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Story by Emmjay

The fact that Indonesia has a multitude – literally thousands – of inhabited islands in the archipelago is often lost on we of the big island.  And I’m betting that by extension we fail to recognise Indonesia as the great seafaring nation that she is.  Our media seem to suggest that our maritime neighbour is characterised by unsavory people smugglers trafficking death and misery in rotten leaky sinkers.

The truth is that brave Indonesian (often Sulawesi) sailors have been plying a vigorous trade amongst islands in their archipelago and throughout south east Asia since well before the Indian hindus, then their Moghul conquerors, followed by the Portuguese, British and Dutch muscled in.

And like the fleets of the ancient Mediterranean, the Indonesian ships were – and still are – crafted from the iron wood trees of rapidly disappearing forests.  Indonesian flagged ships come in all shapes and sizes, but the fleet of island trading wooden ships and boats these days come in two main forms.  One is a variation on the Chinese Junk – efficient, spacious and with a low draft (but you’d be struggling to suggest the cargo versions have beautiful lines) and the other – in this story – is about a stalwart of their island trade – the Pinisiq.

Perhaps you might like to have a birds-eye view of one of Tony Abbott and Scott Morrison’s soon-to-be purchases.

This one carries mainly bagged cement and is loaded by 8 sinewy crewmen who weigh only a few kilos more than the bags of cement they stack in the hold.


Unbelievably harsh conditions – heat and dust and hard work stacking cement bags in the hold – view from the wheelhouse


Our host – the big wheel is a relic of the sailing past – the tiny wheel to the right steers the now diesel- powered boat.

Crews Quarters

View along the main deck from the stern – next to the crew’s quarters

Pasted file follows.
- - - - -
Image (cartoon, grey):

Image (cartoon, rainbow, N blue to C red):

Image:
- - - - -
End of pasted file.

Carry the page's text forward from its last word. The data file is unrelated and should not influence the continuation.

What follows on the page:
The galley. Serving a ships complement of nine. There was another badly fire damaged Pinisiq being repaired further along the quay. The propane cylinder had exploded and killed the cook. The crew went hungry for a week and the boat has been unseaworthy for a month after limping back to Jakarta.

Water Supplies

The “fresh” water supply – filled from a hose when in port. When at sea, the sailors rely on rainwater collected from the roof and channelled into these poly tanks.

Above Decks

Crew’s sleeping quarters. This was pitch dark – in the middle of the day and the camera insisted on using its flash to get the shot. Note the cement dust everywhere.

I asked our host how much one of these boats might cost Tony and Scott (Ship Chandlers to the Asylum-seeker Classes)- and the answer was “About 5 billion rupiah (about A$500,000).  The boat is totally hand-made and plying its trade through the archipelago feeds up to nine families of hard working sailors.

Considering this boat is a lot bigger than the fishing boats that come to Christmas Island – carrying scores of people for days on end, imagine carrying five or ten times the number of people.  Enough water ?  No scope for cooked food.  Sea sickness and one toilet perched off the portside stern – a sea-going version of the long drop.  All on a boat less than half this size.


Renovated Batavia Maritime Museum – date above the door says 1719 – or nearly 70 years before Cook discovered our island..